Police say man opens fire, injuring two, near supermarket west of Paris
PARIS French police officials said on Monday a man had opened fire near a supermarket west of Paris and injured two people.
VATICAN CITY Pope Benedict is not infallible -- there is an error in his latest book.
Catholic bloggers reading his "Jesus of Nazareth," which went on sale in Italy and Germany on Monday, have taken up the Pope's invitation to criticise his work by pointing out that he wrongly identified a U.S. theologian.
In a paragraph citing important recent books about Jesus, he identifies Notre Dame University professor John Meier as a member of the Jesuit order of Catholic priests. Meier is not a Jesuit but a priest of the New York diocese.
"The Pope is not infallible -- there's a little mistake in his last book," Italian religion journalist Sandro Magister said in his blog Settimo Cielo (Seventh Heaven).
Benedict, who began writing the book before his election in 2005, said in the introduction that his portrayal of Jesus was his personal view and not official Roman Catholic teaching. "Therefore, everyone is free to contradict me," he wrote.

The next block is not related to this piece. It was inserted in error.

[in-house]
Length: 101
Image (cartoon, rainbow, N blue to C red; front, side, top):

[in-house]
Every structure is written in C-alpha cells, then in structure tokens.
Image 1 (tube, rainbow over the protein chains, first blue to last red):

After quoting that passage, Magister wrote "OK -- here's where the Pope can be caught in the act" and cited the mistake on page 410 of the Italian edition.
Magister credited another U.S. theologian, Father Robert Imbelli of Boston College, with first spotting the error.
Papal infallibility, which says the Pope cannot err in declaring doctrine on faith and morals, is rarely invoked and would not apply to this book. But catching the meticulous Pope in a mistake proved too tempting for the bloggers to pass up.
CARTAGENA, Colombia Colombian President Juan Manuel Santos and Marxist rebel leader Timochenko will use a pen made from a bullet on Monday to sign an agreement ending a half-century war that killed a quarter of a million people and made their nation a byword for violence.
CALAIS, France President Francois Hollande said on Monday that France will completely shut down "the Jungle" migrant camp in Calais by year-end and called on London to help deal with the plight of thousands of people whose dream is ultimately to get to Britain.